Close to a million dollars was the total cost for a report reviewing the Māori commercial fisheries structure.
A figure which has been criticised by a number of people, as well as the main recommendation to get rid of Te Ohu Kaimoana.
The MP for Te Tai Tonga says Te Ohu Kaimoana has landed the big one.
Rino Tirikatene says, “$600,000 for five months work, 135 page pretty half-baked report is unjustified.”
Yes he's talking about the "big bill" of close to a million dollars for a report into the Māori commercial fisheries structure.
“I don't rate the report, I think it's problematic. I think it's not well researched in terms of the commercial implications and I think the price tag was just astronomical and unjustified,” says Tirikatene.
Mark Ngata says, “I think what people have to remember is this is an 11 year review, it's had unprecedented response from iwi.
My job was to manage the budget and I think we've done a good job there too.”
Mark Ngata chaired the committee who appointed an independent reviewer to produce the report, barrister Tim Castle.
Ngata says Te Ohu Kaimoana has been putting money aside over the past few years in anticipation for the report which is a statutory obligation under the Māori Fisheries Act 2004.
“I stand by the 900,000 that was the total cost as I said, individual costs I'm not going to go into because those are under confidentiality agreements,” says Ngata.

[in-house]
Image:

One of the recommendations of the report is to disestablish Te Ohu Kaimoana.
“We indicate that we want direct accountability now. That means we want to have the say in terms of who’s appointed to these companies. We want to be part and parcel of I guess the future strategies of these sorts of things a lot closer than we are at the moment,” says Ngata.
Rino Tirikatene says Te Ohu Kaimoana must remain, if not there'll be rough seas ahead.
Tirikatene says, “Sure there might be improvements and tweaks that we can do to make sure that they perform better and that they're more accountable to iwi. But throwing out our whole structure is going to be detrimental to our interests and Māori will lose credibility not only in the wider industry but all other stakeholders that we do business with.”
Ngata says, “A lot of new individuals are coming through in a lot of the iwi groups now, accountants, lawyers, and people working within the industry so iwi are a lot more knowledgeable and iwi want to have a say.”
Tomorrow, details will be known regarding the national consultation meetings, where submissions can be made regarding the report.
It's understood a special meeting will be held in May where eligible iwi will vote on the recommendations.